Projects Funded for Zachariah Rutledge


The Impacts of COVID-19 on the Farm Labor Supply and Farming Decisions in California

J. Edward Taylor, Zachariah Rutledge, Bryan Little, and Diane Charlton


Specific Objectives of the Project:

  1. To analyze the extent to which the COVID-19 health crisis affected California farmers’ access to farm workers in 2020.
  2. To analyze how COVID-19 affected farming decisions in California in 2020.
  3. To analyze how the COVID-19 pandemic is likely to influence the use of labor-saving technologies in the future.

Summary of Results:
We surveyed a broad sample of fruit, vegetable, horticultural, and nursery farmers covering California and the entire United States, in conjunction with the California Farm Bureau Federation, the National Council of Agricultural Employers, and American Hort. Surveyed farmers reported significant labor shortages. For example, in a national survey, nearly two-thirds of the farmers reported having difficulty hiring all the workers they wanted to produce their main commodity in their highest revenue producing state during 2021. The average farmer who would have normally hired 100 workers but faced a labor shortage would have only been able to hire 82 during 2021.

Farmers reported incurring additional costs related to COVID-19, including purchasing additional personal protective equipment, extra cleaning and sanitation activities, and adding sanitation facilities for workers. Some farmers reported spending thousands of dollars on each employee. COVID-19 played a role in the labor shortage issues that California farmers reported, with over half of the farmers who experienced a shortage indicating that COVID exacerbated it. Farmers reported a number of factors related to COVID-19 that contributed to labor shortages, including direct exposure to the virus, shelter-in-place orders, and generous unemployment benefits that allowed workers to obtain more income by not working. Most farmers who faced labor shortages indicated that the labor shortages were worse in 2020 than 2019.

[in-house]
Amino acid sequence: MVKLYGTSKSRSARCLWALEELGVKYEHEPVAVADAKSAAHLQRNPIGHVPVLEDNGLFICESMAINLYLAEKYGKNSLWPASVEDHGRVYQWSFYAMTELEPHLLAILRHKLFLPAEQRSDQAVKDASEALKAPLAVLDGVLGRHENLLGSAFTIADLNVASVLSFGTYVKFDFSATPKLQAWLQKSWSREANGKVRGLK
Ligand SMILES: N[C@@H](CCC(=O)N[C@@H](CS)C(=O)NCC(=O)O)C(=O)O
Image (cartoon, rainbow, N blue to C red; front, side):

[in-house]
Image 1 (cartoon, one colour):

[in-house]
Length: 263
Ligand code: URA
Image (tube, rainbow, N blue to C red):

H-2A workers are increasingly common, consistent with a USDA Economic Research Service study (co-authored by Professor Rutledge) revealing that H-2A visa use is rapidly expanding (Castillo, Martin, and Rutledge, 2022). There is no sign of this trend slowing down. H-2A workers continued to constitute a small share of labor use among California survey respondents. However, the H-2A program in California is expanding rapidly (Martin and Rutledge, 2022).

A significant share of farmers reported using a new labor-saving technology to help them mitigate problems stemming from labor scarcity. More than a third nation-wide made changes to their product mix to reduce labor costs. One in three California farmers reported implementing new labor-saving technologies in 2020, and among these, the main labor-saving technology was used on an average of 66% of their main crop production in their main county. The most oft-cited reasons for using labor-saving technologies and mechanical harvest aids, respectively, were rising labor costs and the ability to harvest faster.

Overall, this project found that many farmers face significant issues stemming from a lack of labor, while many are struggling to navigate the situation. Farmers are clearly making efforts to mitigate production and profit losses resulting from labor shortages; however, this issue continues to be a major challenge for fruit, vegetable and horticultural and nursery farmers in California and throughout the United States.

As background for these studies, we conducted detailed reviews of the changing agricultural workforce in the US and abroad, why it is happening, and its implications (Charlton, Rutledge and Taylor 2021); the agricultural labor supply response (Hill, Ornelas and Taylor 2021); and the future of work in agri-food (Christiaensen, Rutledge and Taylor 2021).

The Effects of a Declining Farm Labor Supply on Fruit and Vegetable Production in California

Pierre Mérel and Zachariah Rutledge


Specific Objectives of the Project
1. To quantify the extent to which decreases in the supply of farm workers affect the quantity of fruit and vegetable crops produced in California.
2. To determine how reductions in the supply of farm workers affects the number of acres of fruits and vegetables that can be harvested in California.
3. To quantify how much farm revenue is lost because of reduced access to farm workers in California.

Project Report/Summary of Results